Exclusive: Interview with Victoria Macmillan Bell, WWCotY judge
The Women’s World Car of the Year award has only been with us since 2009 and the group’s web site is a little light on what it hopes to achieve. Don’t both genders actually require similar things from their cars? Motor Writer has been in touch with Victoria Macmillan Bell, journalist, broadcaster, motoring enthusiast and one of the judges of WWCotY to find out a little more about the group and her thoughts on the new Fiesta.
It is easy to see the increasing role of the female buyer but how might the award actually change what manufacturers do? Victoria is very clear that it is only partly about the car; the greater concern is the way female buyers are engaged by dealerships, starting from the moment a lady steps into a showroom, right through to after-sales.
Victoria suggests open days where ladies are invited to dealership events, staffed by female employees: “I’m talking from design, engineering through to sales and marketing. Don’t talk at us, talk to us.” She highlights that there is still a stigma attached to the average showroom, where the car salesman asks if the husband is going to pay for the car or have the final say on specification. “That is so archaic and it shouldn’t still be happening, especially considering we are the growth market, gender-wise.” After-sales is a particular bugbear, it seems. “Once they’ve got your money, you’re out on your own and that absolutely needs to be addressed.”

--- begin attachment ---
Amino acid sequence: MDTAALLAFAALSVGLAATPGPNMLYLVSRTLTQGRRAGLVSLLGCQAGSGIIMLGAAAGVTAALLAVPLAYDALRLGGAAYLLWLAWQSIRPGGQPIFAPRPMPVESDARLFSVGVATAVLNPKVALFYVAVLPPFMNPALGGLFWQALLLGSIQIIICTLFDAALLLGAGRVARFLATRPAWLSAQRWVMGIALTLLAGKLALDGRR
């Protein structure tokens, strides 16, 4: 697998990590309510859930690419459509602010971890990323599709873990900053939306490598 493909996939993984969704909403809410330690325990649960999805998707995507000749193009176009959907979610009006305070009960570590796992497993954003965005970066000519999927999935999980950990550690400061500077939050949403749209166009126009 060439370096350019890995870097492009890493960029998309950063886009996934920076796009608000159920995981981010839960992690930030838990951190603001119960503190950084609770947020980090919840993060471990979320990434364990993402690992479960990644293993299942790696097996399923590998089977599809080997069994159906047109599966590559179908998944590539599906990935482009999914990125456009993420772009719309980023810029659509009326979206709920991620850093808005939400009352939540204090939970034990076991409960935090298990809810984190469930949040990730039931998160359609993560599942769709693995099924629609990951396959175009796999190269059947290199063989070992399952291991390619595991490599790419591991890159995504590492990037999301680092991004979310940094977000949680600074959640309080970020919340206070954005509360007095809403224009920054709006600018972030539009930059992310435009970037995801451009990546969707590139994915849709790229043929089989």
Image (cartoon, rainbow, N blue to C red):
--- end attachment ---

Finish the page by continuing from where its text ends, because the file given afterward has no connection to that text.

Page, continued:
She also emphasises the idea that women should also empower themselves by collating the data on the car and options they are interested in before they enter the showroom. This way they will be armed with the information “giving no room to anyone trying to propel them to look at a higher specification model or part with larger sums”. It should then be just a case of having a close inspection and test-drive of their chosen vehicles. We think this is sensible advice for everyone entering a dealership.
Of course the product has to be up-to-scratch, too. While key aspects such as price, running costs, economy are extremely important, so too are looks, safety and driveability. Victoria has also just taken delivery of a 2013-winning model Fiesta as a long-term test car and can’t help adding the odd petrol-head comment: “loves an apex!”. And yes it does – this little Ford is incredibly tidy through the bends, with great turn-in and a very composed manner.